The center is scheduled to start work at 9:00, but around 150 people were waiting in line by 8:00, unnamed eyewitnesses told LSM's Latvian-language service.
By the time the doors opened, that number had grown to around 500 according to the bureau responsible for the national vaccination effort.
Rinda pie “Atta Centre” šobrīd izveidojusies gara, aptuveni 500 cilvēku rinda.— Vakcinācija Latvijā (@VakcinacijaLV) April 16, 2021
Health Minister Daniels Pavļuts told Latvian Television that this weekend it was planned to administer around 25,000 AstraZeneca vaccines that had remained from Easter, when there was little demand for them among priority groups as people were “undeservingly skeptical” about that specific vaccine as a result of press coverage linking it to blood clots.
Pavļuts added the vaccine is safe, the side effects with the formation of blood clots are extremely rare and “it is more dangerous to get in the car and drive than to get vaccinated with AstraZeneca.” The minister also said that higher supplies of vaccines are expected by the end of April and will be so voluminous that mass vaccination centers will open again.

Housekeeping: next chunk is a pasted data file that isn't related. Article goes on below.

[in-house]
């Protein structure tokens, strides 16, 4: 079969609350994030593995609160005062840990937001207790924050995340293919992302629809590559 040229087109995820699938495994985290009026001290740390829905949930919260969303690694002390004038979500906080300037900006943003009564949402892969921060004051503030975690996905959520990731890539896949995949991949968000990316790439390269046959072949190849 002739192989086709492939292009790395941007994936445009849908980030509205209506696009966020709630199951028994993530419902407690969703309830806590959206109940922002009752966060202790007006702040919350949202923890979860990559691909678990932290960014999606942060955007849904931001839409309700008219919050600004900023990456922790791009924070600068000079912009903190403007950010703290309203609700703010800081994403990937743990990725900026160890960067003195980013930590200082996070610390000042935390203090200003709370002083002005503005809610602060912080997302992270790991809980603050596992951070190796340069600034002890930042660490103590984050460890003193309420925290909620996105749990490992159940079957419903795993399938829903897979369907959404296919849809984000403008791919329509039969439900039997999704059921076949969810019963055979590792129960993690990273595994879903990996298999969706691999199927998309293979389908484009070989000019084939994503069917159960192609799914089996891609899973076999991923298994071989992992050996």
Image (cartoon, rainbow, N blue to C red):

To see locations where the general population may go and get a jab on a first come, first serve basis, read our other story.
LTV's news department was showing live pictures of the line with officials saying the current waiting time was around 90 minutes.
By mid-afternoon, demand at vaccination centers in Rīga, Jelgava and Jūrmala was so great that the general queue was closed with only priority groups continuing to receive their shots. Jelgava and Jūrmala ceased non-priority vaccinations at around 13:30, with Rīga following suit two hours later.
In total, almost 2,200 people have been vaccinated in vaccination centers in Riga, Jelgava and Jurmala by 13.30.